> 2008/11/20 Jeff Simmons <[hidden email]>:
>> Anyone know of a text-based program that will dump http protocol packets?
>> Like tcpdump, but for http.
>
> I'm not an expert, but I here are my dimly and pseudo-educated guesses
> and hunches and 2 * n  eurocents:
>
> - In order to selectively *only* capture HTTP packets, you have to
> *recognize* which TCP packets are/contain HTTP packets first.
>
> - Granted, a HTTP packet may not arrive via TCP, since according to Wikipedia:
>> HTTP is not constrained to using TCP/IP and its supporting layers, although this is its most popular application on the Internet. Indeed HTTP can be "implemented on top of any other protocol on the Internet, or on other networks.
> HOWEVER, even when using another kind of networking stack, you still
> have to figure out which packets are HTTP packets and which aren't.
> Also, TCP/IP is ubiquitous, and
> J-Random-Hacker's-Own-Leet-Networking-Protocol isn't.
>
> - It is my understanding that with TCP/IP at least, pretty much the
> only way to determine whether what you've got at your hands is an HTTP
> packet is to actually look at it.
>
> - Thus, identifying all HTTP packets requires capturing each TCP
> packet, or at least capturing part of each TCP packet.
>
> - Even if we were to assume that it was possible to only capture part
> of each packet and then determine --in real time, while you're dumping
> TCP packets-- what the HTTP packets are and then only fully capture
> those, this would probably be needlessly complex and waste more
> resources than not capturing all of the packets in full might save.
>
> - For the above reasons, you're probably much better off just
> capturing all of your TCP packets on a given interface with tcpdump, and
> then selectively reassembling only what you want with tcpflow. Also for
> the above reasons, I am not convinced a dedicated "httpdump" tool
> would be particularly useful.
>
> Again, I don't really know what I'm talking about to a great extent in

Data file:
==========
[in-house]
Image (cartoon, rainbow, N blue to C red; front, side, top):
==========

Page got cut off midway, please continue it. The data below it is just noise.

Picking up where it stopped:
> this area, but that's AFAIK.
>
> 'hope this helps,
> --ropers

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Re: httpdump?

John
In reply to this post by Jeff Simmons
On Wed, Nov 19, 2008 at 08:18:00PM -0800, Jeff Simmons wrote:

> I need, at a minimum, which virtual server at a particular IP address is being
> accessed, and the contents of any GET commands (methods). If there's a way to
> get this via tcpdump I haven't found it yet.
>
> On Wednesday 19 November 2008 19:52, Pui Edylie wrote:
> > why not tcpdump and filter it on port 80?
> >
> > Jeff Simmons wrote:
> > > Anyone know of a text-based program that will dump http protocol packets?
> > > Like tcpdump, but for http.

Try netwox, tethereal, tcpflow.  One of those should get you what you
want.  Not necessarily in that order though.

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Re: httpdump?

John Wright-6
In reply to this post by Jeff Simmons
On Wed, Nov 19, 2008 at 08:18:00PM -0800, Jeff Simmons wrote:
> I need, at a minimum, which virtual server at a particular IP address is being
> accessed, and the contents of any GET commands (methods). If there's a way to
> get this via tcpdump I haven't found it yet.

Just increase the snaplen.

tcpdump -s 65000 -w dump port 80

^C when you're done and vim the dump.  Raw packets but you'll see the GET in
there.

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Re: httpdump?

Stuart Henderson
In reply to this post by John
On 2008-11-20, John Jackson <[hidden email]> wrote:
> On Wed, Nov 19, 2008 at 08:18:00PM -0800, Jeff Simmons wrote:
>> I need, at a minimum, which virtual server at a particular IP address is being
>> accessed, and the contents of any GET commands (methods). If there's a way to